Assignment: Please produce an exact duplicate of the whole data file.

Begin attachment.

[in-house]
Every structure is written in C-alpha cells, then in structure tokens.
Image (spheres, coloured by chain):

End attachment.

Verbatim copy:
[in-house]
Every structure is written in C-alpha cells, then in structure tokens.
Image (spheres, coloured by chain):